Threes Brewing is a state-of-the-art brewing facility in Gowanus boasting a restaurant -- helmed by the guys from The Meat Hook -- and a Ninth Street Espresso outpost. Greg Doroski and his team consistently top critics' picks lists with some of the best beers in New York State state, focusing on farmhouse styles. Beers like Hereyago and Superf*ckingyawn show a great balance between a malty backbone, blended hop character, and finishing bitterness.
From the team behind nearby Dead Rabbit cocktail bar, this megaplex in a historic Battery Park building houses separate bars and restaurants on each of its three floors, all of which offer breathtaking views of the New York Harbor. The first floor is home to a casual beer hall and oyster bar that's for group outings, while the more intimate second level includes a clubby cocktail bar and a steakhouse-like restaurant that pays homage to the Hudson Valley. The third floor, reserved for private events, is the most exclusive of the three.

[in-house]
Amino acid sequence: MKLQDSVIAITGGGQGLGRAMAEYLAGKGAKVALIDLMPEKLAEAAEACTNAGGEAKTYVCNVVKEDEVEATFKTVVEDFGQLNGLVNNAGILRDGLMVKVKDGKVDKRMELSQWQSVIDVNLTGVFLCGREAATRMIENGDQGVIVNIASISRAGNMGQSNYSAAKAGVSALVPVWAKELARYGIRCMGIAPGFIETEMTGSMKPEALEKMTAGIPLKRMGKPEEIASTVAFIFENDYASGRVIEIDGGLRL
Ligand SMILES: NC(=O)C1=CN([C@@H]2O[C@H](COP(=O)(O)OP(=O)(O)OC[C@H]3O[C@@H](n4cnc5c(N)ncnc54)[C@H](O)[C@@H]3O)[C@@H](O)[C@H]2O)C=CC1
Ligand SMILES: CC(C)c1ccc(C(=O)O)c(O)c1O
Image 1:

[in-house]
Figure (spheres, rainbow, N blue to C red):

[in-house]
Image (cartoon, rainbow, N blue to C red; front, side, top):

Caribbean meets Cape Cod at LoLo's, a unique island escape in Morningside Heights that specializes in boiled seafood, like snow crab legs and peel-and-eat shrimp soaked in signature sauces like garlic butter and Old Bay seasoning. The steampot combos, baskets of fried fish, and jerk chicken and ribs are so luscious that you'll want to lick your fingers clean at the end of your meal, even though they'll be covered in blue disposable gloves provided by the restaurant -- cleanliness is next to godliness, right? The interior has a kitschy but charming dilapidated beach-house look, but you should grab a seat on the sea-foam green back patio to feel like you've really run away to the beach.